The Target Breach: What happened?

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On December 15, 2013, Target discovered that their computer system was breached by hackers who were able to gain access to consumer’s credit and debit card information, as well as pin codes. Over 70 million shoppers were affected. Target has offered to give all of its guests who have been affected one year of free credit monitoring. Quenten Fottrell from The Wall Street Journal’s Marketwatch quotes John Ulzheimer, a credit expert at CreditSesame.com, saying, “Credit monitoring doesn’t alert you if someone fraudulently uses your payment information.” Banks like Chase and Citi Bank have reimbursed their customers and issued new debit and credit cards.

According to Julie Schmit and Beth Belton from USA Today, a California cybersecurity firm claims a seventeen year old from Russia was held responsible for authorizing the malware that broke into Target’s system. Malicious Software, more commonly known as Malware, is designed to gain access to and damage computers or operating systems without the owner’s permission. This is why virus protection is strongly encouraged for all computer owners. It filters out the good and bad for servers. The hackers were able to disguise their virus as “good” and were able to pass through the server. Unfortunately, this breach left thousands of customs exposed. This incident has caused the public to be more cautious in using credit and debit cards.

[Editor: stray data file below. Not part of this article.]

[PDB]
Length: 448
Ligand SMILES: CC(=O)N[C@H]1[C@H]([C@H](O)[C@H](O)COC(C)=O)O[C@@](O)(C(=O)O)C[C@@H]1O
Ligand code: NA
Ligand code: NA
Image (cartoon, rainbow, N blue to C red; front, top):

According to an Associated Press story published after the Target breach, about 50% of Americans are concerned about their personal data. However, only 41% have checked their credit reports and even fewer have changed their online passwords.

Based on Target’s website, Target’s CEO Greg Steinhafel says, “The cause of this issue has been addressed and you can shop with confidence at Target”. He also mentions that consumers are not held responsible for any fraudulent charges made to their accounts. Some of the ways companies can prevent fraud from happening is by not saving unnecessary information. It puts companies as well as their customers at risk. The Editorial Board of the New York Times says, “No security measure will ever rid the economy of theft and fraud completely. But there is evidence that companies could do a lot more to protect data.” They also recommend retailers and banks to move away from the magnetic strip on the back of cards and move on to chip-based cards which are harder to duplicate.

College students sometimes feel carefree when they use their cards and are not aware of possible outcomes. An article written by Russ Warner says, “Young adults aged 18 to 24 are among the last to detect identity theft”. We claim that we fear the threat of our personal information being made public, but we don’t take any necessary actions to protect it.

 

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